• Once there is no more danger of frost, the plants can be moved to their permanent
  • Harden off your plants before planting them out by placing the pots outside during
    the day and bringing them back in at night. After 7-10 days, the plants will be ready
    to plant out.

How to grow pot Marigolds (Calendula Officinalis) from seed

  • Sow pot marigold seeds indoors in a seed tray filled with moist seed compost. Cover
    the tray with a clear plastic bag and place it on a sunny windowsill. Remove the bag
    once the seedlings have germinated.
  • Prick out the seedlings once they are big enough to handle and pot on into individual
    pots filled with multipurpose compost.
  • Grow on and plant out in April.
  • Alternatively, sow pot marigold seeds directly outdoors from March onwards (they
    will tolerate light frosts). Sow the seeds 0.5cm deep and 5cm apart. Thin the
    seedlings out to 25cm apart.

How to grow French and African Marigolds (Tagetes patula and T. erecta) from seed

  • Sow French and African marigold seeds indoors in early spring in seed trays filled
    with moist seed compost.
  • Place the seed trays in a propagator at 21-24C, or cover the trays with clear plastic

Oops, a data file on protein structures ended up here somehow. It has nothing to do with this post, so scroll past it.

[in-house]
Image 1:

bags and place on a sunny windowsill. Remove the plastic bags once the seedlings
    have germinated.
  • Once the seedlings are large enough to handle, prick them out and pot on into
    individual pots filled with multipurpose compost.

How to care for pot marigolds (Calendula officinalis)

  • Grow on indoors and plant out after the frosts have finished. Plant pot marigolds in well-drained soil in full sun. They will grow well in relatively
    poor soil.
  • Deadhead faded flowers to ensure a long flowering season.
  • Pot marigolds are relatively drought tolerant, but keep an eye on them in dry periods
    and water if needed, as they are more prone to powdery mildew in drought

How to care for French marigolds (Tagetes patula)

  • Plant French marigolds in full sun, in well-drained soil with plenty of well-rotted
    garden compost or other organic material added.
  • Water regularly, especially in dry periods. French marigolds need more water than
    pot marigolds or African marigolds.
  • Deadhead regularly to prolong the flowering period

How to care for African marigolds (Tagetes erecta)

  • Plant African marigolds in a well-drained soil in full sun. They will flower best in
    slightly poor soils; if the soil is too rich they will produce lots of leaves but fewer
  • African marigolds are drought tolerant, but will need watering in very dry spells.
  • Deadhead regularly to prolong the flowering period.

When your plug plants arrive

Marigolds may be prone to the following pests and diseases. Read more about how to
control common plant pests and diseases here


  • Slugs and snails (especially French Marigolds)
  • Aphids (especially pot Marigolds)


  • Powdery mildew (African marigolds and pot marigolds)

Marigold Seedlings

Marigold Garden Ready